Before the advent of British rule in India, it was, of course, of varieties of small and big kingdoms, since the inception of sixteen Mahajanapadas with which led to the emergence of Maurya Empire in BC’s and still carrying her legacy upto the Mughal Empire. Such phenomenon have had not been witnessed or noticed by the North-eastern India, however in different ways of uniqueness these regions have their respective own histories. It will not wrong to say that independent India abruptly adopted democracy, without any having any taste and feel of the same. Further, after six decades and more being a democratic country masses in general and elite and other sections/groups in particular do not understand the actual meaning of democracy yet.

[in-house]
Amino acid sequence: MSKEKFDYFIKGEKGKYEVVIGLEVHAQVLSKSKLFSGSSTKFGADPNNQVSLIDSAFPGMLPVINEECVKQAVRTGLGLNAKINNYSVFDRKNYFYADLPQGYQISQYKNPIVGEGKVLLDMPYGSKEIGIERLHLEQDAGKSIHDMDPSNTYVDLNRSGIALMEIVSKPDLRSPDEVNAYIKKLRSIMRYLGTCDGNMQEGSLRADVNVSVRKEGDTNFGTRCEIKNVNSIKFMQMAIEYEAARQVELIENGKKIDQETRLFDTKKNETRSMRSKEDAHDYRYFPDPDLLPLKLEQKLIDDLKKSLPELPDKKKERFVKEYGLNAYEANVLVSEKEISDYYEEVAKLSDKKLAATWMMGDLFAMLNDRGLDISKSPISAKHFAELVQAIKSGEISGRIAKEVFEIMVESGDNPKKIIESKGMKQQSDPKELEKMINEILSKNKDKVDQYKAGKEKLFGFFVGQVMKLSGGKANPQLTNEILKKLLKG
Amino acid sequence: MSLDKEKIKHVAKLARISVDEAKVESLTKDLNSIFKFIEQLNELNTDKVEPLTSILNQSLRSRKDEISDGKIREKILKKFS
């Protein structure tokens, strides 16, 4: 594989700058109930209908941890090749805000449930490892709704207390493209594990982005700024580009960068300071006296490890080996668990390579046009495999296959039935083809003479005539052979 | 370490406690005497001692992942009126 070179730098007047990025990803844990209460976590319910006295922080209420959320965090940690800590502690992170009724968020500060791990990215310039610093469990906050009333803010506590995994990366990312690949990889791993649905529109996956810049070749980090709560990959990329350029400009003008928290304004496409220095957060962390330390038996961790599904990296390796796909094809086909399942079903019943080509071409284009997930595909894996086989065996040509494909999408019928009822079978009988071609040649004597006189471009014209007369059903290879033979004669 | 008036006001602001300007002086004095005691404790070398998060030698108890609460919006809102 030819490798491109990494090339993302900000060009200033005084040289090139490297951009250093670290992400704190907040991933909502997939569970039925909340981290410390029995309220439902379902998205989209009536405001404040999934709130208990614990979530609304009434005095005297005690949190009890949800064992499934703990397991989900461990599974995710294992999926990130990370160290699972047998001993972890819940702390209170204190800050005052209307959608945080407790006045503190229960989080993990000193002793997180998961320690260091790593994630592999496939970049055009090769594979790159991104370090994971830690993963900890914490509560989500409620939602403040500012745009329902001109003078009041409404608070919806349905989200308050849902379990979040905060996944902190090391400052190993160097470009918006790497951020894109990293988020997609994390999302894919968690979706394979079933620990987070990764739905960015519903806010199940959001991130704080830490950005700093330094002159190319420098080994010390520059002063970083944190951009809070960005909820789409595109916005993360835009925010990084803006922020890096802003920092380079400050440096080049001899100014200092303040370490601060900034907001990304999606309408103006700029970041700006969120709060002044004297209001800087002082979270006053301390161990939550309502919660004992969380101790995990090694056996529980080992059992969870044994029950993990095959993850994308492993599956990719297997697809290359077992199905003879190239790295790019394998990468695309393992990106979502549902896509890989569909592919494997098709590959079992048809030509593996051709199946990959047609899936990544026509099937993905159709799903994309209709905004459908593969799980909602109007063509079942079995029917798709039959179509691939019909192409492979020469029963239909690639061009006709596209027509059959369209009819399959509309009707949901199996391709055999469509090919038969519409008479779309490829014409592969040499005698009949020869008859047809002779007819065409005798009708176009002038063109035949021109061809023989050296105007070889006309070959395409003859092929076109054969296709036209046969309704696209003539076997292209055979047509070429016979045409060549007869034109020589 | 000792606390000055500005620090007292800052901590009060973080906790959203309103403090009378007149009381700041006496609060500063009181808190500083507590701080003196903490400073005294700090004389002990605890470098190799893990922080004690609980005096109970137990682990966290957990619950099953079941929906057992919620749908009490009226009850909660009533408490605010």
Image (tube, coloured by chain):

It is pathetic that the Indian State has not toed the democratic norms. Rather, on security point of view, the Indian state either simply copied the draconian laws of the colonial as referred by Baxi (Upendra Baxi : The Crises of the Indian Legal System, Delhi Law Review, 1982; p.43) and even made new extraordinary and harsher laws in maintaining law and order and tackling insurgency movements in the country. Some of these laws that have been quite abusively used – Punjab Security of State Act, 1953, The Assam Maintenance of Public Order (Autonomous Districts) Act, 1958, The Terrorist And Disruptive (Prevention) Act, 1987, The Prevention of Terrorism Ordinance (POTO), 2001, repealed etc, etc. It has been experienced oft and again that these extraordinary laws do not solve the problems of people’s dissent and insurgency movements. Instead the common people have been the victims of the atrocious laws. While the Terrorist and Disruptive (Prevention) Act, 1987 has lapsed after wide protests, the Armed Forces (Special Powers) Act, 1958 is still being promulgated in various states, particularly, the North East India. Sharmila has been undergoing fast unto death for complete removal of the Act. Scores of concerned civil society organisations including Sharmila Kanba Lup and the intelligentsia among others have been launching movements against any further promulgation of such Act, the authority has ever been arrogant. In fact the Act does not tune with the social reality (B.B. Pandey, Right To Life On Death ? : For Bharat Both Cannot Be ‘Right’, Supreme Court Cases, Delhi Law Review, 1994, 4(SS(J); p.24). Thus, we experienced gross violation of human rights of the common peoples (Prakash Louis and R. Vashum : Extraordinary Laws In India, Indian Social Institute, New Delhi, 2004, p.9). Sanajaoba (Keynote address by Prof. N. Sanajaoba “Human Rights Standard- Setting, Constitutionalism And Repressive Laws in Armed Conflict Situation” in the Seminar-cum-Workshop on Human Rights And Repressive Laws at L. M. S. Law College, Imphal, Manipur with the Initiative from the Centre for Humanitarian Law Studies and Research, Law Faculty, Guwahati University, organized by the college on 28-29 October, 2004) observed “subjugation has become the political culture”.